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policies. hyman also said there are massive pollution problems in china but says he sees it at very unlikely they'll be a .s.-china trailed war. betty: but other pressure facing china's economy is that shrinking labor force. >> that's right. we've had some data out from the chinese economy of social sciences and they're showing that in 2010 the labor -- cipation force was 70. 77%. it fell to 70.%. the impact of that is higher wages. it's one of the main complaints from companies here and that is squeezing growth. here are a couple of reasons we're seeing this lower participation rate. one of those is that simply this
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there is this expansion of tertiary education here. more people going into universities. there's also a slower or lower participation rate amongst women and generally among all age groups there's less participation burr wang says that may not be a bad thing that, that there could be the start of a new group here that in the long term that could prove positive but in the short term we're likely to see wages continue to pick up and squeeze in growth as well. betty: thanks so much. let's get to the news with nene in new york. nene? >> good morning, yvonne. charles evans says uncertainty over inflation and federal spending saying two rate rises
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-- rises could be enough. evans voted with his colleagues to raise rates march 15. >> to the extent that i gain more confidence in the forecast that i have, that would be, you know, a good indicator that i could perhaps support three. two might be the right number if there's a little bit more uncertainty. there are any >> an arrest warrant for its failed president saying it's reasonable to detain her because there's a risk she'll detroit -- destroy evidence. he seoul court will consider the charge on thursday. she denies the charge. chinese milk producer has spoken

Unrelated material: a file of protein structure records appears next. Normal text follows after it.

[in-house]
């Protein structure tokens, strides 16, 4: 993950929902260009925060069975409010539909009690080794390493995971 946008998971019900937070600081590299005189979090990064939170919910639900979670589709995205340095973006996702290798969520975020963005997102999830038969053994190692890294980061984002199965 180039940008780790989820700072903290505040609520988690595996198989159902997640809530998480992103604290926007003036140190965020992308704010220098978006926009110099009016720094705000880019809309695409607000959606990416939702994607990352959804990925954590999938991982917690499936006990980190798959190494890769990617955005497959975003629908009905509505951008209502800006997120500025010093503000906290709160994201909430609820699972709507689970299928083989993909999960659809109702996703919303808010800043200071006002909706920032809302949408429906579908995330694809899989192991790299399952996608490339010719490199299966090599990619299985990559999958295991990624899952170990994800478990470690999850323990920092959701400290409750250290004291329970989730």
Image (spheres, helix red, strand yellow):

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for the first time since its shares collapsed on friday. they met 23 credit torreys the day before the crash and the recentlyal government asked them not to demand immediate repayment of loans. the company says it has been late in bank -- making some bank payments and its shares will be uspended in hong kong. saudi arabiaa is preparing for the flotation of what is considered to be the world east biggest offering. the kingdom plans to sell as much as five 5% next year in a bid that could value the business at $1 billion. the national cat man's beef association wants president to to persuade china
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resume imports from the u.s. they haven't allowed american beach into the country since 2003. beijing lifmented the ban last year but the two sides have yet to agree to terms. more than 2,00 journalists in more than 120 countries. >> thank you so much. with the first word news. let's get to how the markets traded today and what it means for tomorrow. oliver is joining all the -- us. >> there we go. we have the fed coming out. people are looking at interest rates. i think today was a surprise move, the move in bonds. we went in speculately what was going to happen with the trump trailed after friday's failure to pass health care. we saw some off in the morning. then all that kind of revere versed and that happened as the
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bond market strengthened. it kind of reversed some of those gains, pushed some of these low bonds, companies and sectors down. we had a little bit of strength on hospitals related to the health care bill not going through so there was some trump sort of affect there but it's going to be interesting to watch that happen if bonds continue to strengthen and we continue to see yields go down. that 10-year yield now at .37%. what does that mean for the dollar rally, does it come to an end? oliver: that's a good question. we're looking at basically three rate hikes throughout this year. language from some fed voters that perhaps two would be sufficient and some say four. i think it's important to the equity market. i want to bring up a chart with